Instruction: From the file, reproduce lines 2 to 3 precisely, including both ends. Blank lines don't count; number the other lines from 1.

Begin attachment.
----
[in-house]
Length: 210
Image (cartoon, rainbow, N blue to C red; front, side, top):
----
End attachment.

Length: 210
Image (cartoon, rainbow, N blue to C red; front, side, top):